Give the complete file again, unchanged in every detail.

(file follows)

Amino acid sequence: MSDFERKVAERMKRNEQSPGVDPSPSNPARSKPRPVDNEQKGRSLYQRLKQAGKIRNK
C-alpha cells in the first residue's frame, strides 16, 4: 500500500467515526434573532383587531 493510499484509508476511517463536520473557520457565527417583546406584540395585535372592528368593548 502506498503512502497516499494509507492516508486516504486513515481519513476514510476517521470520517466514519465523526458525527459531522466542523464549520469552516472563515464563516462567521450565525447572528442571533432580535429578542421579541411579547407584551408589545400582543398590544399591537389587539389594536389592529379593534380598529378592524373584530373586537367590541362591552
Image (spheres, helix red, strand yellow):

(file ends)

Amino acid sequence: MSDFERKVAERMKRNEQSPGVDPSPSNPARSKPRPVDNEQKGRSLYQRLKQAGKIRNK
C-alpha cells in the first residue's frame, strides 16, 4: 500500500467515526434573532383587531 493510499484509508476511517463536520473557520457565527417583546406584540395585535372592528368593548 502506498503512502497516499494509507492516508486516504486513515481519513476514510476517521470520517466514519465523526458525527459531522466542523464549520469552516472563515464563516462567521450565525447572528442571533432580535429578542421579541411579547407584551408589545400582543398590544399591537389587539389594536389592529379593534380598529378592524373584530373586537367590541362591552
Image (spheres, helix red, strand yellow):